And sorry, Jayarava, but you *are* belittling yourself, and it *does* sound like moaning, and it's irritating. This isn't the first time I've seen you go on about your "meager ability." If you want me to not comment on it, then stop doing it. And if you don't like my comments, by all means ignore them. Simple as that.

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  7. Yea, I've Kornfields book A Path with a Heart a few times, and it is very practice oreinted. He was one of the first Theravada guys to really explain insight meditation, as before it was really monastic heavy.

    Also, a book that will knock your socks off, and is also free online is Mindfulness in Plain English by Ven. Henepola Gunaratana.

    http://www.urbandharma.org/udharma4/mpe.html

    Steve Hagan is a Zen guy that really breaks down a lot of the jargon in his books, especially Buddhism is not what you Think and Buddhism Plain and Simple.

    I think we are seeing more of this type of thing as it becomes more popular.

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  8. Thanks a bundle, Kyle—I've put those on my reading list as well.

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  9. I really like Daniel Ingrams style. Besides the excellent technical content it is refreshing for someone to drop the false modesty and just say what they think.

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  10. I have to say this is the first blog on Buddhism that satisfies my desire (pun intended) to "talk shop" when it comes to practice and ponder history, that these were human beings just like you and me, i.e., Vasubhandu, etc.

    When I receive a transmission from a fine mind (through reading, hearing a teaching, or otherwise), it doesn't matter to me whether this communication was written yesterday or over a millennium ago. The act of being able to transmit those ideas is a living creation, imo, and I can often feel closer in consciousness to someone from long ago than a contemporary.

    An aside ... one of my dharma sisters has been practicing Tibetan Buddhism since the early 80s (and perhaps before) and has many stories I've eagerly heard about what it was like to be a clueless student when the Tibetans arrived in the West and faced the challenges of communicating Buddhism using a new language, to a different culture.

    She said at that time most of the teachings had not yet been translated into English, the Tibetan teachings, that is. She said she remembered how excited the sangha would become when a new teaching would come out, it would be like (this is my interpretation and impression) seeing something freshly written hot off the presses.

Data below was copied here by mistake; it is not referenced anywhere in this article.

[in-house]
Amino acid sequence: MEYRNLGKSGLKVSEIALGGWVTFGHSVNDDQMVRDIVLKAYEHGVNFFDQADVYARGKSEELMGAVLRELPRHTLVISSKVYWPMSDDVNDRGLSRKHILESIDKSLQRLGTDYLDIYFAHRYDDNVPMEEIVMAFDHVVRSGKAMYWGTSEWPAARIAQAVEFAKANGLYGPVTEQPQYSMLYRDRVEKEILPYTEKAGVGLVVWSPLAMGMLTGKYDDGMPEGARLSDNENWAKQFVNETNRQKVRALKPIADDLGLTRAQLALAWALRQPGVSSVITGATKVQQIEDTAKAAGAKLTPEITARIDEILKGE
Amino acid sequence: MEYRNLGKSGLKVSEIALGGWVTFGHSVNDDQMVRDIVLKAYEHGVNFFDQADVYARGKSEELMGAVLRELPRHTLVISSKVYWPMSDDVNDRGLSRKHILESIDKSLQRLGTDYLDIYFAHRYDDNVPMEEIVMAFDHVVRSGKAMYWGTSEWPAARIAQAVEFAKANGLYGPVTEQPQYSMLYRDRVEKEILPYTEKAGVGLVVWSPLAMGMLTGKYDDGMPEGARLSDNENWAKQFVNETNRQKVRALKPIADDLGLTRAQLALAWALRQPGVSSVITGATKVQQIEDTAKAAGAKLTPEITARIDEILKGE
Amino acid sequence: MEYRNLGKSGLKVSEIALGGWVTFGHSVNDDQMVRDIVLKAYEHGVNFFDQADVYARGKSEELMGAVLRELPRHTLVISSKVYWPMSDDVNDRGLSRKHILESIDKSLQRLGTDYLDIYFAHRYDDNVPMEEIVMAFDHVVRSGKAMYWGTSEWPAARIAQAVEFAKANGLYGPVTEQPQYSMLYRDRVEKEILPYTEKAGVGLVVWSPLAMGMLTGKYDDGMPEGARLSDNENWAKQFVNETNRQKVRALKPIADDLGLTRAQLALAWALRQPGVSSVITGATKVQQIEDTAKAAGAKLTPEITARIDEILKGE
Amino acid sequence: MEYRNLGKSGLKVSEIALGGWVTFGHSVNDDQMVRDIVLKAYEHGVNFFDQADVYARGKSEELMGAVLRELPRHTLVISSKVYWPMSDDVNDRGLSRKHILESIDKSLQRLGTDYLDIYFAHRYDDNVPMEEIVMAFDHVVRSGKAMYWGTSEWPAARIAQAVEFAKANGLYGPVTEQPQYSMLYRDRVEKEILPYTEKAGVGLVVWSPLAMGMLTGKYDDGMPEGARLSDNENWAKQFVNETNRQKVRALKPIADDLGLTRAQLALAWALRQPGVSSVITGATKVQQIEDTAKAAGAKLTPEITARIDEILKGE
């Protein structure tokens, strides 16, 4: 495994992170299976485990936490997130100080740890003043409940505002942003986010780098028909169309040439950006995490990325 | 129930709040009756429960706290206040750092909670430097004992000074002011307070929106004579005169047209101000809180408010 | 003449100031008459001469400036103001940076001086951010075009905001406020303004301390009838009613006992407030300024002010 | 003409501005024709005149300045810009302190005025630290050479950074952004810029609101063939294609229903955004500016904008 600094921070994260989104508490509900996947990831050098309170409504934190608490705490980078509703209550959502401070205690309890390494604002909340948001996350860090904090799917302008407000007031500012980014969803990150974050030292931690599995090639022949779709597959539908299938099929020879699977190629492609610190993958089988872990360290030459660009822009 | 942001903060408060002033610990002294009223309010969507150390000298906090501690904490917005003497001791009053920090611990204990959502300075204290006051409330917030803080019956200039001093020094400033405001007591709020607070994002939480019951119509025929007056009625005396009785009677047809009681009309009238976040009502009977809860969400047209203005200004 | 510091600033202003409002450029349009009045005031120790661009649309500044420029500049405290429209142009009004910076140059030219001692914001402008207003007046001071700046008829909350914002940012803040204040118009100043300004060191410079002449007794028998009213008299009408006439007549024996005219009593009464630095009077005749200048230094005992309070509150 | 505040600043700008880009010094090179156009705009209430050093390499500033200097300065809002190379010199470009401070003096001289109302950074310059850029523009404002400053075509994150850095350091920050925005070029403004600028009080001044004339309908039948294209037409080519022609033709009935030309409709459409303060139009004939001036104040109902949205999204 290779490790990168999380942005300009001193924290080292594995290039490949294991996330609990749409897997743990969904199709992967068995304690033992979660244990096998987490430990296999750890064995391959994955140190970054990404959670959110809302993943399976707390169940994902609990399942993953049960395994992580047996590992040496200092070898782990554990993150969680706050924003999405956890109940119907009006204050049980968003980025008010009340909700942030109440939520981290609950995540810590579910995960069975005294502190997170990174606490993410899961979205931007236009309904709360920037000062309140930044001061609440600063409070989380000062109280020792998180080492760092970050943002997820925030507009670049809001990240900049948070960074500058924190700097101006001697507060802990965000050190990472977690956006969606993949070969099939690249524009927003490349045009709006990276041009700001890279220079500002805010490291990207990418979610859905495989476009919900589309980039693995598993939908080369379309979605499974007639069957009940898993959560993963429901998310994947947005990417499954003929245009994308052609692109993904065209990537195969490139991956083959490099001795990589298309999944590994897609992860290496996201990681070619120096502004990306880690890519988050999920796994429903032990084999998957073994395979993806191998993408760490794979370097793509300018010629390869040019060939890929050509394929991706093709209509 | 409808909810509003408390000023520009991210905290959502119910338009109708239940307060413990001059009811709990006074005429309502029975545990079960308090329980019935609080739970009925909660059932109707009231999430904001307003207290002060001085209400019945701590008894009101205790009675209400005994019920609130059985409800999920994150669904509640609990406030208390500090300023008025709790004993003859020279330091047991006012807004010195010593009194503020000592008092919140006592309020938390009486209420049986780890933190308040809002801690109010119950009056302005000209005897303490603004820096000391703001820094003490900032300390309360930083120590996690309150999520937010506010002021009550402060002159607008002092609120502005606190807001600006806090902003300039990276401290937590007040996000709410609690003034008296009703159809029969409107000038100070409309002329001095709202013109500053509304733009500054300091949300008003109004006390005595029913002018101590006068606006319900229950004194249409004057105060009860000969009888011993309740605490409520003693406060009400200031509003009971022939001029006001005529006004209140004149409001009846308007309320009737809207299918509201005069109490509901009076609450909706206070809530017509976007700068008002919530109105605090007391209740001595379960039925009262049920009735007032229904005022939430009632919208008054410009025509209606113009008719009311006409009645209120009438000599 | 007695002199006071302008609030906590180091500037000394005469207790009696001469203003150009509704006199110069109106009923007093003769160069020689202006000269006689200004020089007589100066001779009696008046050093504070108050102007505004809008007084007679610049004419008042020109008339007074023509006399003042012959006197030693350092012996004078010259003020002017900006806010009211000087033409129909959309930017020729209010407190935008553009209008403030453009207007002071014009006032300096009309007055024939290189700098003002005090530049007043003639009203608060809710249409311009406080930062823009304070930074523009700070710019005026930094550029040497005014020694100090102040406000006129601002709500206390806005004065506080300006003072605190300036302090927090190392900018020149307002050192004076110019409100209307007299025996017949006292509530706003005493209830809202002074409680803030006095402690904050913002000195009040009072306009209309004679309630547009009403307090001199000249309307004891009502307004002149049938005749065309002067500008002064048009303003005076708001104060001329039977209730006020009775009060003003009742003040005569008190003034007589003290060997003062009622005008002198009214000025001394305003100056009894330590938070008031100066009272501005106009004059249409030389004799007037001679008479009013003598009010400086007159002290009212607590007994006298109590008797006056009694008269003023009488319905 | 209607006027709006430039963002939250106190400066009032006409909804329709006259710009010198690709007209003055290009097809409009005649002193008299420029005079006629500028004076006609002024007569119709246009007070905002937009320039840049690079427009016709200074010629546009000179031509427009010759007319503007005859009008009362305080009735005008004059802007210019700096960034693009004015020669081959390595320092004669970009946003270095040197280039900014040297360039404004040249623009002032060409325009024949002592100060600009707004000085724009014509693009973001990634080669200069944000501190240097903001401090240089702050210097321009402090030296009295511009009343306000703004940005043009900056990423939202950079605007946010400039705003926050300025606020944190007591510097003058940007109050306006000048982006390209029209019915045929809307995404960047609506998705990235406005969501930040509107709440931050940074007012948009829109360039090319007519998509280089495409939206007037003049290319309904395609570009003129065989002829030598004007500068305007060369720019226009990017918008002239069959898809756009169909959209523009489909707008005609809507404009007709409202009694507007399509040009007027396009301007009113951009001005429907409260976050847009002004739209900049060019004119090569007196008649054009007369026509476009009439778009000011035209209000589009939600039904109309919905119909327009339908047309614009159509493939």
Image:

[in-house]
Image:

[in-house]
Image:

Folks were so hungry for dharma in that rather rag-tag group of young people who first were attracted to folks like Chogyam Trungpa Rinpoche, as well as on the West Coast, Soto Zen teacher Shunryu Suzuki Roshi (whom I have been researching out of curiosity about those times).

    Now we have unbelievably "modern" translations of Tibetan Buddhist teachings (among all the others as well from so many spiritual/empirical study of consciousness systems), including the meditation manuals used by hard-core practitioners. I often take it for granted that I can just get these writings for myself from a bookstore or online for free.

    So back from my long detour.

    I very much agree with you that here in the West, as you so intelligently put it: "It's quite likely that Buddhism in the West nowadays has gone too far into the other direction, lost sight of the technical aspects of the path, and slid into a mushy something-for-everybody psychological self-help kind of fluff."

    I think that is spot on and I couldn't add anything to it.

    As far as Mahayana and Hinayana, at various teachings I've heard Mahayana referred to as the "superior" teaching over Hinayana and Vajrayana even more "advanced." Yet it also has been a consistent theme in these teachings that there is no conflict between the three yanas. Several teachers have said something to the effect that hinayana is like a train ride and vajrayana is like taking a high speed jet, but the destination (for lack of a better word) remains the same.